Monday, October 30, 2006

Today My Grandmother Sold Me Porn: My Story

We get solicitors all the time at the office. In the little time I’ve spent there I’ve been solicited children books, dental equipment, and electronic massage therapy machines. But the most business is done by the lottery. Work comes to a standstill when the small army of lottery salespeople enters the office in their flannel shirts and sombrero-like hats.

Thais play the lottery religiously. One of my friends plays the underground lottery, the gov’t controlled lottery, and the lottery on the internet. Another PCV told me that his friend spent four hundred baht on lottery tickets, won one hundred baht, and then took all his friends out for beers to celebrate.

There is a saying in Thai, “Poor people play the lottery, rich people play the stock market.” Usually the lotto solicitor will approach me, open their briefcase of tickets, and smile. And I try to think how I’d say, “Poor Peace Corps Volunteers play fantasy baseball.”

I first met Yay Nang Bo a little while after I started hanging out at the local gov’t office for the comforts of air conditioning. She’s a pu-soon-ayoo, or elder, much respected in my community. Every other week, she’ll come into our office, dressed in Khun Yay-garb, a pasin skirt and top, and sell her wares. Yays speak only Lao, and are almost impossible to communicate with. When she first approached me, her briefcase made me think she was selling lotto tickets.


This is the classic Khun Yay attire.

I pre-empted her. “Hello grandmother, no thank you.” Then she pretended not to understand my perfectly fluent Lao, and opened her briefcase. “Um, what are you selling grandmother?” “You want to buy? Many Japanese girls, very pretty.”

Yay Nang Bo sells hard-core porn.

She sold better than the lotto. There were crowds. Instead of looking for lucky numbers, people scanned the still-shots on the backs of the discs looking for Korean and Japanese girls. Women, men, bosses and subordinates all had piles of porn stacked on their desks next to their reports. And she comes every other week.

So you might think that Thai society is open and honest about sexuality. Or because simple Thai words have sexual meanings, like “to take, to help one’s situation, to do homework,” you might think that Thais talk about sex all the time. When in actuality these slang phrases probably evolved because Thais couldn’t talk openly about sex, and each connotation came with an a-tonal wink, meaning more or less, “in the Biblical sense.”

Last week in Udon Thani, we had an AIDS conference for PCVs and their counterparts, hoping to inspire projects and help develop relationships between them. To break down the cultural barriers preventing us from talking about sex without shame or giggles, we played stupid games that got the giggling out of the way first.

A PC staff member asked me why I thought Thais weren’t scared to talk, and offer opinions and ideas at our conferences. We had just finished a game where we pretended we were all condoms and penises. We sit on the floor, wear casual clothes, and run around a lot. Definitely not what a usual Thai meeting is like.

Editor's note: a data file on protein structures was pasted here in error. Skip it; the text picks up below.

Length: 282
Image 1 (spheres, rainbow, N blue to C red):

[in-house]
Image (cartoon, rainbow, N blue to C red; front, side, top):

Fittingly enough, at this particular conference, my roommate and I had a visitor for a couple nights.

I awoke one night to find my roommate standing next to his bed with his back towards me, holding a blanket behind him. “Dude, go to bed man, it’s like, 3 in the morning or something.” Only it wasn’t my roommate at all, because he was sleeping soundly under the covers.

I woke up the next morning and told my roommate the story. Apparently two nights ago, he had seen a ghost standing in the exact same place, and had trouble breathing when he awoke.

And in Thailand, Halloween was a couple months ago.

So we casually told some of the Thai PC staff about our “trick of light” as we agreed to call it. “Did you remember to prostrate yourself before the Buddha the night before?” one man asked me. “No, we forgot to do that.” After carefully investigating the matter, one Thai told me that the front desk said that the hotel was built near an old battlefield, and that the ghost was probably a soldier.

One man told me, “One time, long ago, I went to hotel with my girlfriend, and we had fun together, then we fall asleep. We have the same dream. A girl with long hair visit both of us. I forget to ask her for lottery number. Please do not forget. Ask your ghost lottery number!”

After a long day at the conference, the HIV staff were together discussing all the things we messed up, when a woman came in to speak with our PC staff liaison, P-Funk. P-Funk came back into the room shaking his head, and told me, “You’re not going to believe this, but she wants to talk with you.”

“I am the hotel manager,” she said. “I hear you have seen a ghost two nights in your room. Could you describe it to me?” After retelling the story for the twentieth time that day, she asked me if I would like to switch rooms. I told her that I planned on staying in my room, that I would be sleeping with a camera at my side to take the ghost’s picture. “Make sure you take video,” she said, “it won’t show up if you use the flash.”

P-Funk generously let us borrow a Buddha image to place on the bedstand that night. We never saw the ghost again.

Four women wearing flannel and sombreros came into the office today. Yay Nang Bo had already come and gone by then. My friend was showing me all his new porn as I told him the ghost story. “I feel lucky this month,” he said, “I’m going to see if they have my lucky number. Do you want me to buy you a ticket?”

I would be a rich man, if only I could’ve gotten that ghost to talk.

HAPPY HALLOWEEN!


Even more difficult to get than a ghost photo is one of me working. Here it is folks, caught in the act. Photographic evidence!

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